When scientific research is published, the authors often confess that they wish they’d collected more data. Critical reviews of research studies often say the same thing. Indeed, if there’s anything scientists love, it’s more data.
Which is why the members of an international team of genetic anthropologists led by Sarah Tishkoff of the University of Pennsylvania are probably quite pleased with themselves. In a new study published this week in Science, the team took the concept of “more is more” to heart by collecting and analyzing the DNA of thousands of people, mostly from Africa, so that they might uncover more clues to not only the genetic make-up of modern Africans, but also the genetic history of Africans and non-Africans alike.
The scientists’ first step was to collect DNA from a diverse set of Africans. Africa is the most culturally and linguistically diverse place on Earth, so it was important to take a wide sample of individuals from all corners of the continent. In total, they collected 2,432 DNA samples from 113 diverse and distinct groups of people from across the African continent as well as 60 non-African groups. They sampled everyone from the Mozabite Berbers of Morocco to the hunter-gatherer San of the Kalahari Desert, and many in between.
But the hard work didn’t stop there. The scientists then examined 1,327 genetic markers across the human genome for each individual studied. While many studies focus on a particular part of the genome such the mitochondrial DNA or the Y chromosome, this study took a comprehensive approach. Finally, the researchers used sophisticated statistical techniques, piecing together how these populations from Africa and around the world were the same, and how they were different.
The results confirmed that Africa has the highest genetic diversity of any continent, as many scientists have proposed. In fact, the authors found genetic diversity to decrease the further one traveled away from Africa. Genetic diversity is often used as a measure of how long ago humans inhabited a region — conventional wisdom places the earliest humans in East Africa, which had exceptionally high genetic diversity according to this study, though an analysis by the researchers put the origin of the human expansion farther south near the border of Namibia and Angola.
The study also shed light on the incredible genetic diversity among African populations, said Roy King, a professor of psychiatry and anthropological geneticist from Stanford University:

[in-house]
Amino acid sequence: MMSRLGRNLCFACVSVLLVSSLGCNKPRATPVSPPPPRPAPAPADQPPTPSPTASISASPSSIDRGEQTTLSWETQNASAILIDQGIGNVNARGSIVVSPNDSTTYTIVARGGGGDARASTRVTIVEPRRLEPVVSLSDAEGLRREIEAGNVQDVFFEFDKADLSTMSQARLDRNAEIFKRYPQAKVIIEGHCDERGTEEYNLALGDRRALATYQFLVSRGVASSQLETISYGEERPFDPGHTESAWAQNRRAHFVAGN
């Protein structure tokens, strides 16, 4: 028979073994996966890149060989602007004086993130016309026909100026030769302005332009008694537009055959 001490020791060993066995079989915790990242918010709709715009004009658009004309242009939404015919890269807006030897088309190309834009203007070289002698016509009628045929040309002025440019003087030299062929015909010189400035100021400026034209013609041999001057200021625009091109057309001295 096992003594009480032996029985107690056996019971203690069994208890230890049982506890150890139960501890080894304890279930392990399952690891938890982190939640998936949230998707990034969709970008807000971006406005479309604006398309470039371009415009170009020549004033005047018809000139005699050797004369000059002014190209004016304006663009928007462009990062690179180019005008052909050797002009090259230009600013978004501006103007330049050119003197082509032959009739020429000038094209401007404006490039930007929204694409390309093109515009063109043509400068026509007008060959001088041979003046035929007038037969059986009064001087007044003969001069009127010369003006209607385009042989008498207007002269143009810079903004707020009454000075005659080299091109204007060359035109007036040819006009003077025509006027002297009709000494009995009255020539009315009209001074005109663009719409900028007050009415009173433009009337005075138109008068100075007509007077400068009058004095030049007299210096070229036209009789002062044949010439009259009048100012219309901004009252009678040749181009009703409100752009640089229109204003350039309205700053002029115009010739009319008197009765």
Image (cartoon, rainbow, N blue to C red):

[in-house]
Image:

Not only did farming and pastoral communities differ from hunter-gatherers, but within the broad range of agricultural populations of West and West-Central Africa — from which many African Americans derive their ancestry — the authors also found some genetic diversity. For example, the Dogon of Mali, although geographically near the Mandinka of Senegal, cluster with North African Berber populations. Thus, this study supports the notion that not only is Africa varied in culture — art, music, religion and language — but also harbors a rich genetic diversity across its multitude of ethnic groups.
The authors also found a loose connection between the genetics of a population and its language. However, there were a few exceptions, most often the result of a population adopting a new language within the last few thousand years.
The sheer size and diversity of the DNA samples collected allowed the researchers to construct a human family tree based on their analyses. Not unexpectedly, the tree they constructed fits well with current theories on the genetic relationship between Africans and non-Africans; namely that all non-Africans are descended from a particular group or groups of people who were the first humans to migrate out of Africa tens of thousands of years ago.
This study is important for a multitude of reasons. It has been able to confirm theories from the archaeological, cultural, and linguistic records on the origins and movements of Africans and non-Africans.
“It fits nicely with earlier genetic studies, while subverting the early 20th century colonialist idea of sub-Saharan Africa as constituting a homogeneous genetic an cultural unit,” King said.
It also creates a new resource that historians, linguists, archaeologists and scientists from a range of other disciplines can use in their own work. If we are lucky, this study will bring forth a flurry of activity surrounding the origins and history of the African continent, and the people who live there.